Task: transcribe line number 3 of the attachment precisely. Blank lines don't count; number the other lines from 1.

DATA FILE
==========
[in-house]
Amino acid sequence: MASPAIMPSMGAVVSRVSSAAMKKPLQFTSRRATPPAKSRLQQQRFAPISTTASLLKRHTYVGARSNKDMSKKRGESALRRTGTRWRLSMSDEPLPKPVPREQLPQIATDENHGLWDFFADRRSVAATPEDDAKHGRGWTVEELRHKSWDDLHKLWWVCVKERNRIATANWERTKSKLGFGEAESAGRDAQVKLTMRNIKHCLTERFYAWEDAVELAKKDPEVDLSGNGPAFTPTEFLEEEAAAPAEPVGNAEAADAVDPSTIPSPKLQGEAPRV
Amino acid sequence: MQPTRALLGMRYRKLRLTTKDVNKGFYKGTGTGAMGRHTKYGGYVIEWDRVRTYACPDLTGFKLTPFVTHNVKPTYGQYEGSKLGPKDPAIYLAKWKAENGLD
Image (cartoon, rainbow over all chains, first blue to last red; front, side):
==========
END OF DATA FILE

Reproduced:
Amino acid sequence: MQPTRALLGMRYRKLRLTTKDVNKGFYKGTGTGAMGRHTKYGGYVIEWDRVRTYACPDLTGFKLTPFVTHNVKPTYGQYEGSKLGPKDPAIYLAKWKAENGLD